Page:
I started RPM with Sammy in a small room just reading and making a statement holding two answers in front of her.  What do you know, she came over and touched one of the choices.  This is a child who screams if you put a demand on her and a questionable higher intelligence besides give me food or TV.
I brought in Lenae Crandall from H.E.E.D (, who came to my house to teach me how to get to the level of spelling. I will admit when Lenae was going through the session with Sammy, I was so weirded out.  Like did this just happen? Did she spell? I don’t believe it.  But looking back at the videos, I saw my daughter wanting to be heard, and spelling.
So I tried it on my own. She went nuts! Screaming and throwing things. Pretty much foaming at the mouth. I was crying everyday, but I still kept going.
I then decide a different strategy, purchased the letter boards and figured her out. She needs to be locked in a booster seat at the table with constant food in her mouth.  She always wants to eat. So I thought give her what she wants and see what happens.  Success at last!
These past two session have improved where I realized she isn’t needing all the apples I cut up during the 25 minutes of the session.  Sammy’s choices aren’t always 100% correct, but the spelling and the choices are getting more accurate.
You feel like such a rock star when you see your kid finally getting it! It has only been about 5 months and she continues to respond to the program.  All we have is time and I am giving her as much as she needs. Essentially, our lives are so much fuller from me just talking about the world to her and reading aloud. I never thought she liked it. Samantha always took books away from me when I read them, probably because she was bored of the same stories.  I get so excited going to the library picking out new books.  I can now go for an hour straight with her staying in the room without her wanting to leave.  I am so excited for what the future holds and to have open communication with my daughter.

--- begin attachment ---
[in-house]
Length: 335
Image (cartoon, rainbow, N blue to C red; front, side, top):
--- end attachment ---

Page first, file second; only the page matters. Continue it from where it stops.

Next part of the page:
Guest Post: Learning to BE


Heartfelt words from a fellow momma raising a child with autism:

Getting an autism diagnosis for your child is a heart-wrecking incident in your life. It shakes you up completely and as a parent you hear only negative comments initially from doctors, therapists, friends and family. It seems like your life is ending with this incurable condition. You grieve over it and then you grieve some more. Then you realize that you cannot give up on your child. Your child is still the same child he was before you heard of the diagnosis. You start researching like there is no tomorrow. Soon your life becomes PhD study of diets, supplements, treatments and protocols for improvement. You become possessed by Autism recovery. You feel like there will be light at the end of the tunnel and you put in all your energy and resources into helping your child. You forget the rest of your family and just have laser focus on your child with diagnosis.

Continuously reading on FB, talking to only moms with special needs and therapists becomes your life. You work so hard without any breaks and soon it takes a toll on your health. After DOING so much, the gains don’t compare and then you start losing your optimism. You go through anger, guilt, frustration, not being enough feelings. There comes a point where just leading routine life starts becoming a burden. You realize that no matter how hard you try, things will work out only when your child is ready. You can make the best of efforts and the results will come when the timing is right. It’s not easy to surrender like this since one part of you says you cannot give up on your child, the other part says let it go and just accept life as is.